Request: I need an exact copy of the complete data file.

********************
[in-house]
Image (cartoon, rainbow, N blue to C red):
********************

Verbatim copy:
[in-house]
Image (cartoon, rainbow, N blue to C red):